The Federal High Court, Abuja, on Tuesday, refused to vacate its order restraining the federal government from deducting monies accruing to the 36 states from federation account to settle $418 million judgment debt in relation to Paris Club refund.
Iyang Ekwo, the trial judge, who declined to grant the plea by counsel for the defendants, adjourned the matter till December 13.
The judge said he preferred to hear all pending applications, including the one by the defendants challenging the order, on the next hearing date.
The News Agency of Nigeria (NAN) reports that the judge had, on November 5, made the order after counsel for the 36 state governments (plaintiffs), Jibrin Okutekpa, a Senior Advocate of Nigeria, moved an ex-parte motion, seeking an order of interim injunction, restraining the federal government from deducting any money accruing or due to all or any of the 36 states of the federation.
The court had also ruled that the restraining order would subsist pending the determination of the substantive suit.
NAN also reports that while the 36 states Attorneys-General are the plaintiffs, some of the defendants listed in the suit include the Attorney-General of the Federation (AGF), Accountant-General of the Federation and Ministry of Finance.
The rest are Central Bank of Nigeria, Debt Management Office, Federation Account Allocation Committee, Incorporated Trustees of Association of Local Government of Nigeria (ALGON), among others.
According to the motion dated and filed Oct. 27, 43 defendants are sued in the matter.
At the resumed hearing, counsel to the plaintiffs, Mr Okutekpa told the court that the matter was slated for hearing.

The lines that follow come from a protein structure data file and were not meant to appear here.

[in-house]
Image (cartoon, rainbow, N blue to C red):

He said he had two motions which he intended to move.
He told the court that though most of the defendants had responded by serving on them various applications, the 9th defendant (Dr Chris Asoluka, who does business under the name and style of NIPAL Consulting Network) had refused to receive their court processes.
“We have a motion ex-parte to serve the 9 defendant an originating process. The process dated Dec. 6 was filed on Dec 6 and it is praying for an order of substituted service on the 9th defendant,” he said.
The judge then granted prayer one of the motion and ordered that the service be made on the 9th defendant within three days through pasting of the notice on his address.
The senior lawyer told the court that the second motion was an application praying the court for an extension of time to file and serve their counter affidavit and all other processes in response to the defendants’ applications.
Mr Ekwo also granted prayer one of the motion and granted prayer two in part subject to the service of the motion on the two counsel who appeared for 15th, 16th, 10th and 11th defendants.
The two counsel had opposed the motion on the ground that they had not been served with the copy.
Mr Okutekpa then asked for a date for hearing.
However, Oyin Koleoso, who appeared for the 1st, 2nd, 4th and 6th defendants (President of Nigeria, AGF, Ministry of Finance Incorporated and Debt Management Office), informed the court that a motion asking the court to vacate the earlier order made had been filed.
Wole Olanipekun, SAN, who appeared for the 14th defendant (Ted Iseghohi-Edwards), also urged the court to set aside the order.